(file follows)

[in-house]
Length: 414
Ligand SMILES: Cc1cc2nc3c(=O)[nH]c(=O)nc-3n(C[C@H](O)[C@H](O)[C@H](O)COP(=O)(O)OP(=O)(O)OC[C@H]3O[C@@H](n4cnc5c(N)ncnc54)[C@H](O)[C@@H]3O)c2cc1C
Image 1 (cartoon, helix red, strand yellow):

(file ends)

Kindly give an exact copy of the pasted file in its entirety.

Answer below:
[in-house]
Length: 414
Ligand SMILES: Cc1cc2nc3c(=O)[nH]c(=O)nc-3n(C[C@H](O)[C@H](O)[C@H](O)COP(=O)(O)OP(=O)(O)OC[C@H]3O[C@@H](n4cnc5c(N)ncnc54)[C@H](O)[C@@H]3O)c2cc1C
Image 1 (cartoon, helix red, strand yellow):